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Last updateThu, 14 Mar 2019 12pm

Lifestyles

Why Would Anyone Write Letters?

default article imageNowadays, there is a lack of passion for writing. Information and  communication documented from the past was tracked through letters, but the growth of technology has vastly changed this.

For the current generation, sending a message through an app, making a phone call, or video chatting are now considered the easiest forms of communicating.

Therefore, the idea of sitting down and writing a deliberate letter seems laughable.

In fact, our generation relates writing “letters” in reference to assignments, heavy work, dreaded formalities and academic responsibilities. All in all, these are validated since we do have other methods of self-expression.

But letters, too, give a certain type of validation we’ve yet to acknowledge; a different scope to self expression, communication, and even changes. The way we view things if only we dedicate time to think, what is worth writing.

Writing a letter does more for one’s state of mind than what is imaginable.  Envision the overcoming of all your  thoughts and sentiments one wishes to communicate and yet there is a  certain amount of given space.

Contrary to popular belief, it is important to write down how one feels. When writing a text, or video chatting, there is little to think about but the mundane, socially acceptable conversation at hand.

When given the chance to write a letter, it offers more than a nonchalant conversation. Writing a letter to someone can not only give the writer clarity, but it can provide validation of their emotions.

Nowadays, writing a letter is connected to a romantic relationship, but it can go beyond that if the friendship ties matter strongly.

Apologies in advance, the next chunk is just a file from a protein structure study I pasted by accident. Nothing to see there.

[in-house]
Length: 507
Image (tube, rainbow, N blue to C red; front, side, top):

Write a letter to your best friend and it can bring a sense of gratefulness. It is a great way to strengthen the relationship.

Letters can be written to anyone, even if it is to your future self.

When asked if she’s ever written a letter, Sheyla Calderon, a freshman criminal justice student, said, “ I only write them for class, or I’d consider my emails letters.” After asking her if she would ever write for personal purposes, she said, “Maybe. I think I would if my friend was going away... [it] shouldn’t be that way, though. Maybe I’ll give it a shot this  weekend and write a few letters to people I care about.”

Addys Diaz, a freshman health studies student, responded to the question of whether she write letters or not. “I have, but for class. I’m not big on writing in general unless for an assignment. I  suppose I could start doing so as a form of journaling and practice; I’ve been trying to better  myself in a way I can be consistent at for this year.”

Diaz also said that it is not just a way of communication, but of self expression, another conduit to self betterment and for personal growth as well. Professor Matt O’Brien, instructor of history, summarized the importance of  writing. She said, “Yes, I still write letters. Whether you have a significant other or not, you  should write.”

Writing letters is a simple hobby that can benefit one in many different  ways.

Not just to strengthen the bonds with our loved ones, but to create better writers and explore our own emotions.

Another great time to write letters is if you are in a long-distance relationship.

Putting your emotions and thoughts onto paper and mailing them to someone you love is great, but the surprise and happiness they will feel when they see it in their mailbox is one that is unmatched.

A letter is way more personal than a text message, so take the time to write a letter, you won’t regret it.

Another reason why writing a letter can be fun is that you can customize it with your favorite color pens or paper, you can add personalized doodles, and maybe even spray your perfume or cologne on it for that really personal feeling.

Hopefully after reading this you can realize why we should bring back the idea of writing letters. Not only can it be a new hobby but it can be a way to release emotions, or a way to make your loved ones feel special.

Give it a go and see its benefits enhance your life too.

Contact Information

CAMPUS LOCATION
The Outlook
Jules L. Plangere Jr. Center for Communication
and Instructional Technology (CCIT)
Room 260, 2nd floor

MAILING ADDRESS
The Outlook
Monmouth University
400 Cedar Ave, West Long Branch, New Jersey
07764

Phone: (732) 571-3481 | Fax: (732) 263-5151
Email: outlook@monmouth.edu